Washington was looking to secure a potential location for basing troops in Southeast Asia, circumventing Philippine constitutional obstacles to stationing foreign forces on Philippine soil, by situating them within an autonomous region with its own legal code.

A peace deal emerged from these negotiations, known as the Memorandum of Agreement on Ancestral Domain (MOA-AD). The MOA potentially expanded the territory of the ARMM, and granted significant powers to what was termed the “Bangsamoro Juridical Entity,” including the power to set up foreign embassies.

The Memorandum was declared unconstitutional by the Philippine Supreme Court in October 2008. There was press speculation that sections of President Arroyo’s own administration had sabotaged the deal. The agreement was poorly written and some argued that its implementation may have required the amendment of the Philippine constitution. It was leaked prematurely to the press in a bid to undermine its validity. During her presidency, Arroyo began to reorient Philippine economic and political ties away from the United States and toward China, and the MOA-AD was perceived as granting too much power to the United States.

A small section of the MILF broke off from the group, continuing to insist on complete independence. Washington backed the campaign of repression against the new organization, carried out by both the Philippine military and the MILF, with military advisers and unmanned aerial drone surveillance.

WikiLeaks cables show that US Assistant Secretary for East Asian and Pacific Affairs Kurt Campbell wrote to the head of the MILF, Ebrahim Murad, who replaced Hashim Salamat on the latter’s death, in November 2009, offering “political and financial support” for renewed negotiations. Upon the election of President Aquino, who under intense US pressure began a realignment of Philippine politics away from China and back firmly into the US camp, Washington called for a new round of talks with the MILF.

In August 2011, President Aquino met face-to-face with Murad at secret talks in Japan arranged by the US government. The deal hammered out in those talks became the framework on which the current peace accord was based.

When Philippine government and MILF representatives sign the peace accord on October 15, it will mark the beginning of the formation of a new entity, Bangsamoro, which will replace the current ARMM. The ARMM, still under the control of the MNLF, is a “failed experiment,” according to a speech given by President Aquino over the weekend.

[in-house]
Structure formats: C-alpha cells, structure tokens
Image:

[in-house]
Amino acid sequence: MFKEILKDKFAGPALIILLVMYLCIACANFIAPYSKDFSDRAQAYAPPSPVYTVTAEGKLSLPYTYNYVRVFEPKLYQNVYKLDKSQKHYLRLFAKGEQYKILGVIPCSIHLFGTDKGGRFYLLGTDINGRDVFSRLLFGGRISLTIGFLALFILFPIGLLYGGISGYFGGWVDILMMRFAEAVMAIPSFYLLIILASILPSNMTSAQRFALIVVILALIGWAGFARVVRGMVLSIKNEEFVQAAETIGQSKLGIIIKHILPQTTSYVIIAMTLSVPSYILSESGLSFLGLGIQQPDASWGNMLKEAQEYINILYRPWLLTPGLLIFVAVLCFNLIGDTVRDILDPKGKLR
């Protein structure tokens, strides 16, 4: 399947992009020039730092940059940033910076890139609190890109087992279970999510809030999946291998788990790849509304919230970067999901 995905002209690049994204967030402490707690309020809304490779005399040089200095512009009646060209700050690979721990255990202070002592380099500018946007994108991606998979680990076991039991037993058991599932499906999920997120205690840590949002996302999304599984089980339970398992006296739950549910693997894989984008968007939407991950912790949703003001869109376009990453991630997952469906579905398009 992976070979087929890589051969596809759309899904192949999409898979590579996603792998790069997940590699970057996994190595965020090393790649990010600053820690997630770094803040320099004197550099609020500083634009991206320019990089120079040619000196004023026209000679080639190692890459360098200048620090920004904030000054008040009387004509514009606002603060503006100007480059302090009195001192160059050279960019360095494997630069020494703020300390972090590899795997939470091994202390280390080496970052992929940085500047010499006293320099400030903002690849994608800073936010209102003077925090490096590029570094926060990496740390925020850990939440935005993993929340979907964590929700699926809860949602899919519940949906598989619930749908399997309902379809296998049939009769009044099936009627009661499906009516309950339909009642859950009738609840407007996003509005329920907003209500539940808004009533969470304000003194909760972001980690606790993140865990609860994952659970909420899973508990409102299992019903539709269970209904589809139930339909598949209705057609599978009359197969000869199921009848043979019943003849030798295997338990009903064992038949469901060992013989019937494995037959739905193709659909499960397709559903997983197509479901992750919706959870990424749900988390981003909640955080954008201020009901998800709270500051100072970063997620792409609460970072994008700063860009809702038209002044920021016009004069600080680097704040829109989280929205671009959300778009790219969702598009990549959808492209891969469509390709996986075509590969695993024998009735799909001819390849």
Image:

The accord divides control over Bangsamoro between Manila and a newly created regional government. A transitional committee is to oversee the implementation of the deal. It will be peopled by appointments made largely by the MILF leadership. The accord specifies what share of the tax revenue, control over mineral resources, and produce will be under the control of the new “autonomous” leadership. The spoils of Mindanao are being divvied up. The MILF leadership emerges out of the ashes of decades of war as the political representatives of the local business elites, seeking to exploit their “own” working class.

The accord also has provisions for the creation of Special Economic Zones in Bangsamoro, which will be likewise autonomous. That is to say, Bangsamoro will not need to abide by even the limited labor code or minimum wage regulations of the national state. The regional government is given authority over both “foreign investments in its jurisdiction” and the power to “make labor competitive.” Major foreign corporations will be turning to the 4.1 million people of Bangsamoro as a supply of ultra-cheap labor, and the MILF leadership will be enforcing their interests. This is part of Washington’s stake in the negotiations.

Solving the “Moro problem” serves Washington’s interests at another level. The Philippine state, at the beck and call of US imperialism, can now re-orient its forces away from the Mindanao conflict and concentrate on the disputed waters of the South China Sea. This is in line with the Obama administration’s aggressive confrontation with China throughout the Indo Pacific region.

It remains to be seen if the Bangsamoro accord will pass scrutiny from the legislature and judiciary in Manila. The MNLF leaders have already expressed their outrage at being displaced. President Aquino, however, with the recent impeachment of Supreme Court chief justice Renato Corona, now has a firm hold over both the lower house of the legislature and the judiciary.